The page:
This Spring, Officer Chad Taylor was the guest speaker for my criminal law class at the University of West Georgia. I had no idea how animated his presentation would be. He engaged the students with demonstrations of dangerous encounters and asked what they would do if they had uneasy feelings about a person or situation. It was unique, interactive, and based on something I have rarely thought of; intuition.
Before the class, Chad and I were discussing books that focused on strategy and tactics on the streets, in the interrogation room, and in the courtroom. When we were discussing the concept of intuition, he suggested that I read The Gift of Fear by Gavin DeBecker.
I finished the book this weekend and my entire perspective regarding intuition has changed.
The book is based on the premise that intuition is not some mythical, unscientific concept, but is rather a scientifically sound source of information which your unconscious mind then processes to come up with “hunches,” “gut feelings,” and premonitions.
DeBecker, as a security expert to a variety of government officials and famous people around the world, clearly knows his subject matter.
Do you remember the last time you felt uneasy about someone or something for no apparent reason? What about decision making in your personal and professional life? Have some of those decisions been made based on an inner feeling?
For example, Amie Simpson, a domestic violence attorney says intuition is what makes some lawyers know when to ask that one last question during cross examination, when a witness is lying, when the judge has decided to make a ruling, when to nudge that other attorney during negotiations, and when to back off.
The same intuition used at home and work applies to more dangerous situations too. Intuition can naturally help us deal with extremely problematic people in our lives, help single people determine whether an admirer is a potential date, or a potential stalker, respond appropriately during stressful or dangerous situations, choose child care providers, survive episodes of family violence, and many other scenarios.
In all of these situations, DeBecker says that intuition tries to get our attention through nagging feelings, persistent thoughts, anxiety, hesitation, curiosity, or dark humor. He tells the story of a group of office staff who were sorting through the mail at the California Forestry Association. An unusual package was in the mail addressed to the former president of the association. Everyone speculated on what might be in the package.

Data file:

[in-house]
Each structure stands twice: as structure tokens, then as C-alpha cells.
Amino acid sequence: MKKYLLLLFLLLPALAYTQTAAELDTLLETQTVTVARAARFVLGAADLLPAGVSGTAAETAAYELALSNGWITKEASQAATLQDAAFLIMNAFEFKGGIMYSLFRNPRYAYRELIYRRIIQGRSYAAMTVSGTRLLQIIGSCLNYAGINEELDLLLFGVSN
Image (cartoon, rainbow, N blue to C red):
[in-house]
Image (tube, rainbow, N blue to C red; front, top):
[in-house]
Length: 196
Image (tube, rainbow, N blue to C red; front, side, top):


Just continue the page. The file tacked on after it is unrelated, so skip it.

When the staff finally decided to open it, one man (Bob Taylor) said, jokingly, “I’m going back to my office before the bomb goes off.” He walked down the hall to his desk, but before he sat down, he heard the enormous explosion that killed his boss. Because of intuition, that bomb didn’t kill Bob Taylor.
When DeBecker later talked with Taylor about the incident (attributed to the Unabomber), he was able to help Taylor recognize that he had seen the signs of danger all along: the strange way the package was addressed, its unusual weight, excessive postage and tape. His subconscious put the signs together and nudged him out of the room.
Over and over, DeBecker recounts stories of people whose lives were saved by listening to that small voice inside.
I believe that God gave us the gift of intuition. However, those inner signals and outer signals are often ignored or thought of as “superstition” or “just an overreaction.”
I have ignored those inner intuitive signals for years. But, today I am learning how to focus on them and use this gift.
The Gift of Fear doesn’t suggest replacing intelligent choices with intuition. DeBecker stresses the importance of combining the two. His book reveals a road map that has been there all along, but of which most of us are not aware. It is a map to safety and good decision making by way of common sense and self-awareness.
His book will make you think twice the next time your intuition tries to get your attention.